That’s what every movie is. You put that in front of people and you go like, “Hey, man, what do you think?” You start collecting audience members who then come find you on the website and want to ask you more questions. Early on, it made more sense to me to interact with those cats. The only other way to tell how you were doing back then was box office numbers or film reviews. So suddenly, in 1995, I could hear directly from the person who bought a ticket. And that was way more interesting to me. Like, “What made you go see Mallrats, man? Nobody else went.”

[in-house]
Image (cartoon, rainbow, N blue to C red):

It was wild, watching it develop, and then slowly, seeing other people jumping in the pool. Now, Will Smith has his own YouTube channel, where he goes, “I’ll jump out of a plane,” and shit like that. You could draw a direct line from Peter Jackson and me, sitting online and answering questions in 1995, to that. Suddenly people stopped being so snobby about it.

I remember, in the beginning, people were real snobby about online. Like, “That’s online.” And now, particularly in this fucking pandemic, guess where everybody lives?

Reporting by Nadine Zylberberg